Traveller, Sydney Morning Herald, Australia – Aug 18, 2018
Visiting a memorial that chillingly describes how a million people were murdered in a 100-day killing spree is probably the last thing you’ll want to do when you arrive in Rwanda. But you should. Firstly, to pay your respects, but also because it might be the only reminder you’ll get. So miraculous has been Rwanda’s recovery since the horrific genocide in 1994, it’s hard to believe the atrocities happened in the same place.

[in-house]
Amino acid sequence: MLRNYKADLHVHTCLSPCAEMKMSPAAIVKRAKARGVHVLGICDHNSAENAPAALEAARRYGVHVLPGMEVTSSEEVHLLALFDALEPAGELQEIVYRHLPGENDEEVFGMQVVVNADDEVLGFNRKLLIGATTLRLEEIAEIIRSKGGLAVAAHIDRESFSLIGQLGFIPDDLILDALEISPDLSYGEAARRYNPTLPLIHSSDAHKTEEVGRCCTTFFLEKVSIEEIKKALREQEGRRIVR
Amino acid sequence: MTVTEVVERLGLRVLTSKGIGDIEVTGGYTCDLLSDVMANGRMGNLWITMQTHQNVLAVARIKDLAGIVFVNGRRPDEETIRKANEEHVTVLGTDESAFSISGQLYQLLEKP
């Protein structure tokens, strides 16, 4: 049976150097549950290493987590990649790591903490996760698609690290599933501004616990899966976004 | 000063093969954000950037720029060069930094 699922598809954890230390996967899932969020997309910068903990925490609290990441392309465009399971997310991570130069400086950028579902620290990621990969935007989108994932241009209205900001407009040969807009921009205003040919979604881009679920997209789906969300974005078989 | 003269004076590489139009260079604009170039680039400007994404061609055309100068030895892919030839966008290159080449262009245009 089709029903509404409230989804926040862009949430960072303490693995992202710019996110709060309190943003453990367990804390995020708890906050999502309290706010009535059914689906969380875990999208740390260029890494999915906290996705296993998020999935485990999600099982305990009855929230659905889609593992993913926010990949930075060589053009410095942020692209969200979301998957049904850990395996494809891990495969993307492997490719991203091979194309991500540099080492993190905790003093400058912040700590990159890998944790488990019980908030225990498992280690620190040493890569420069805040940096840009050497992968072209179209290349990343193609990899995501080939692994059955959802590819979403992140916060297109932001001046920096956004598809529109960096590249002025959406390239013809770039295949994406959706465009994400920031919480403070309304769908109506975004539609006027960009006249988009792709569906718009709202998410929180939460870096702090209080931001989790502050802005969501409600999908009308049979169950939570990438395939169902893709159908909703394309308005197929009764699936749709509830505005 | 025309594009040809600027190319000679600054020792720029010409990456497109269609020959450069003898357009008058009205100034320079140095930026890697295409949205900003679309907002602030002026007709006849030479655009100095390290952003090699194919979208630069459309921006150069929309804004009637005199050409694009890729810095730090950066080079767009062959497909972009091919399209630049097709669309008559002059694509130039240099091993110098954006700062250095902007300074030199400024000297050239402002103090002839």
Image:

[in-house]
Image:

Located in Kigali’s Gisozi district, a 10-minute drive from the centre of the capital, the Kigali Genocide Memorial opened in April 2004 on the 10th anniversary of the genocide. The first section describes the complex series of events that led to the civil war between Rwanda’s two main ethnic groups, the Hutus and Tutsis. Interestingly, the initial distinction between them wasn’t based on ethnicity at all – it was socio-economic.
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